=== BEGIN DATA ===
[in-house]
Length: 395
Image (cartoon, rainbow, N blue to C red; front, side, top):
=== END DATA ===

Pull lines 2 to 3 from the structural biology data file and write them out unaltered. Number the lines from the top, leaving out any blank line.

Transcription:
Length: 395
Image (cartoon, rainbow, N blue to C red; front, side, top):